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Review

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24 pages, 3084 KiB  
Review
From Traditional to New Benchmark Catalysts for CO2 Electroreduction
by Martina Serafini, Federica Mariani, Francesco Basile, Erika Scavetta and Domenica Tonelli
Nanomaterials 2023, 13(11), 1723; https://doi.org/10.3390/nano13111723 - 24 May 2023
Cited by 1 | Viewed by 1640
Abstract
In the last century, conventional strategies pursued to reduce or convert CO2 have shown limitations and, consequently, have been pushing the development of innovative routes. Among them, great efforts have been made in the field of heterogeneous electrochemical CO2 conversion, which [...] Read more.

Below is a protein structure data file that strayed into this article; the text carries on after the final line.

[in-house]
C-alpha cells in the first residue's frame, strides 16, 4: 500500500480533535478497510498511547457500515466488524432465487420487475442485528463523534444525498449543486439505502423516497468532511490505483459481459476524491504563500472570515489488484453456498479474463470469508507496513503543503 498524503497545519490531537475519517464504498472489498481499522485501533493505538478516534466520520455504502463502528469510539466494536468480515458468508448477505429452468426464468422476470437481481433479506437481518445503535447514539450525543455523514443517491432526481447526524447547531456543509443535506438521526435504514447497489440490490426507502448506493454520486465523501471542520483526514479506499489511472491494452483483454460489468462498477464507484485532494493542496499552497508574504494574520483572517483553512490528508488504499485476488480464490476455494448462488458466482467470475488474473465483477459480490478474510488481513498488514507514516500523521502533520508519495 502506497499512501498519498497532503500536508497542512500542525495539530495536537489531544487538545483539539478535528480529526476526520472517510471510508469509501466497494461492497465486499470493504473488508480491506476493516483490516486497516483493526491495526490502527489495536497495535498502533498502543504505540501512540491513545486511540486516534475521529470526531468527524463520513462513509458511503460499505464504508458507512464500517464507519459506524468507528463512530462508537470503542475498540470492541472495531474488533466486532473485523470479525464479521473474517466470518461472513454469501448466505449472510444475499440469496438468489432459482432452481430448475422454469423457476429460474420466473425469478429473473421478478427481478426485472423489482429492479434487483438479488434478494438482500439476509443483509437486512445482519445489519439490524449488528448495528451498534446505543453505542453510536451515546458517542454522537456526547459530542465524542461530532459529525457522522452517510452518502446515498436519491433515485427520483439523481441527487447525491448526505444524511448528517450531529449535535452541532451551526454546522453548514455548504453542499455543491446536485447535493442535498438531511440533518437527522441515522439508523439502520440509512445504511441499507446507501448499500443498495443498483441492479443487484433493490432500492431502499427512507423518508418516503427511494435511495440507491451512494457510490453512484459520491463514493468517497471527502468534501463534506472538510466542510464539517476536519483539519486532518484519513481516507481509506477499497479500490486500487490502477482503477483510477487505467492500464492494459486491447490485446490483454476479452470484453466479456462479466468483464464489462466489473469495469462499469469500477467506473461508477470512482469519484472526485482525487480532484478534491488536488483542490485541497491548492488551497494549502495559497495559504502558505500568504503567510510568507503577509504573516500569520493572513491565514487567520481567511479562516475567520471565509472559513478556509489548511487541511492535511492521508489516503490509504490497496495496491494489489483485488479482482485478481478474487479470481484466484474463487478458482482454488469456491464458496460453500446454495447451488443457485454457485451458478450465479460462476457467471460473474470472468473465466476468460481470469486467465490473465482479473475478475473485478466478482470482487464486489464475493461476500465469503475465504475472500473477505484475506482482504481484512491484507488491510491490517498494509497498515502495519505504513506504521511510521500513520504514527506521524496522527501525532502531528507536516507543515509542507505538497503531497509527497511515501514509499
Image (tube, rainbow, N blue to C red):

In the last century, conventional strategies pursued to reduce or convert CO2 have shown limitations and, consequently, have been pushing the development of innovative routes. Among them, great efforts have been made in the field of heterogeneous electrochemical CO2 conversion, which boasts the use of mild operative conditions, compatibility with renewable energy sources, and high versatility from an industrial point of view. Indeed, since the pioneering studies of Hori and co-workers, a wide range of electrocatalysts have been designed. Starting from the performances achieved using traditional bulk metal electrodes, advanced nanostructured and multi-phase materials are currently being studied with the main goal of overcoming the high overpotentials usually required for the obtainment of reduction products in substantial amounts. This review reports the most relevant examples of metal-based, nanostructured electrocatalysts proposed in the literature during the last 40 years. Moreover, the benchmark materials are identified and the most promising strategies towards the selective conversion to high-added-value chemicals with superior productivities are highlighted. Full article